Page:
Improve Test Stability With Self-healing And Other Test Impact Analysis (tia) Capabilities

When working on traditional test automation projects, it can be challenging for test engineers to continuously update scripts whenever a new application version is made available for testing or new functionality is added.

The majority of the time, these occurrences cause test automation scripts to fail, either as a result of new element IDs appearing or changing since the last application or as a result of platform-specific features or popups being added and interfering with the test execution flow. New OS versions frequently alter the user interface and add new alerts or security pop-ups on top of applications, particularly in the mobile space. Common test automation scripts will become unusable as a result of these unforeseen events.

With AI/ML and self-healing capabilities, test automation frameworks can automatically detect changes made to element locators (IDs) or screens/flows added in between predefined test automation steps and fix them right away, or add them to the development Personnel’s alerted and suggested quick fixes list. These features will undoubtedly make test scripts embedded in the CI/CD scheduler run more efficiently and with less developer involvement.

The reduction of “noise” inside the duct is an additional benefit. The majority of the brittleness in the tests mentioned above is caused by interruptions in automation scripts rather than actual bugs. The team will have more time to refocus on the actual issue as AI takes proactive measures to eliminate these problems.

Considerations For Using Ml In Test Automation

You now understand how combining machine learning and test automation results in a strong, dependable software testing strategy. Here are six things to think about before implementing machine learning in your business and before automating tests with it:

  • User interface (UI) testing that is automated

Even though manual testing is necessary and websites frequently have attractive visuals, the human eye can still fail to notice some page errors. In order to find and validate user interface flaws, machine learning (ML) works best in this situation.

  • Do unit tests:

Developers can devote more time to writing software by using machine learning to create and run unit tests instead. In later stages of the product life cycle, writing and maintaining AI-based unit test scripts is also beneficial.

  • API testing:

When API testing is used in the real world, comfort and ease frequently vanish. Even without ML/AI, testing APIs can be challenging because it necessitates understanding their functionality and creating test cases and scenarios.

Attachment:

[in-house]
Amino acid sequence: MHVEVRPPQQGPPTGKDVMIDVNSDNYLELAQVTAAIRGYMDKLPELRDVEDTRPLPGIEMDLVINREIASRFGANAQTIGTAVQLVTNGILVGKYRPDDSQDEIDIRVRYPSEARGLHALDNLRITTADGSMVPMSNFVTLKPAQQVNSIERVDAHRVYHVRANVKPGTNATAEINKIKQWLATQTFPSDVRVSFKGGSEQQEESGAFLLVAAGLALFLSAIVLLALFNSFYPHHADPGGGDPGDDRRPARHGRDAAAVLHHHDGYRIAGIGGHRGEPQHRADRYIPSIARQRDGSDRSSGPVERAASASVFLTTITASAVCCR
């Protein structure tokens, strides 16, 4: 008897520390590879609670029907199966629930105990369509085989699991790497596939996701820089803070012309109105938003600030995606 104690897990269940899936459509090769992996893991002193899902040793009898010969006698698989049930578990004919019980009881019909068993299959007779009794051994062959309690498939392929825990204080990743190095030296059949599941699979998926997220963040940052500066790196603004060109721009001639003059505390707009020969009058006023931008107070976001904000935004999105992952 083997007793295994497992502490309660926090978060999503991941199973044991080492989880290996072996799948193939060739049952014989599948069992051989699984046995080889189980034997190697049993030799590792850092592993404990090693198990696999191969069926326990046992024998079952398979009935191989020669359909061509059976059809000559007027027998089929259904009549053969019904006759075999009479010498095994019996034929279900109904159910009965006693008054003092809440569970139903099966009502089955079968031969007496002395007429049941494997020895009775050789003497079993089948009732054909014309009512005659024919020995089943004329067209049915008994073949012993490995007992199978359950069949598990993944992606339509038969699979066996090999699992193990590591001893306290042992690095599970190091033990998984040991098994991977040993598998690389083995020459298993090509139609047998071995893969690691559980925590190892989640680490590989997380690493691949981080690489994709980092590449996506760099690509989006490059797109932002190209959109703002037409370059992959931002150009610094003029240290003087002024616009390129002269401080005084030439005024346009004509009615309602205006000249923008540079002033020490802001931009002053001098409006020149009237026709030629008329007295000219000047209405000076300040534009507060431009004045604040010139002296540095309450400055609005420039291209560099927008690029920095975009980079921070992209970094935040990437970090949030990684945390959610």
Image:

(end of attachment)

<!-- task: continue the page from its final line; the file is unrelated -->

You can log API activity and traffic for analysis and test creation when using test automation with machine learning. However, you must comprehend the nuances of Representational State Transfer (REST) calls and their parameters in order to modify and update tests.

  • Several test scripts:

You will need multiple test scripts to be effective because any updates, upgrades, or code changes will require you to modify your test scripts. AI and ML-based tools can forecast whether a test application will need several tests. It saves time and money while assisting you in avoiding running invalid test cases.

  • based on AI and ML, creating test data

On datasets, AI models operate. In a similar vein, test scripts need input data to function. Machine learning can be used in test automation to create datasets that include profile photos and details like age and weight.

This information is based on trained ML models that were discovered using production datasets that were already in use. This method produces data sets that are similar to ideal production data for software testing.

  • Regression testing using robotic process automation (RPA):

RPA assists in both automating and maintaining current IT systems. It identifies and gathers data while scanning screens, navigating systems, and using functions. All work is automated and carried out using a web or mobile app, which is entirely powered by robots.

Scalability, cost savings, increased productivity, no-code testing, and accurate output are also some of its main benefits.


When considering ML in a DevOps pipeline, one must also take into account how ML can analyze and track ongoing CI builds and point to trends in build acceptance testing, unit or API testing, and other areas of testing. ML algorithms can examine the entire CI pipeline and identify builds that are frequently broken, time-consuming, or ineffective. Today’s reality frequently results in brittle CI builds that fail repeatedly without being properly attended to. Shorter cycles and more stable builds are the immediate benefits of ML’s entry into the process, which leads to quicker feedback for developers and cost savings for the company.

There is no doubt that machine learning (ML) will create new problem categories and taxonomies that will influence the next generation of software defects. The quality and effectiveness of publishing will most definitely improve.

Ada Parker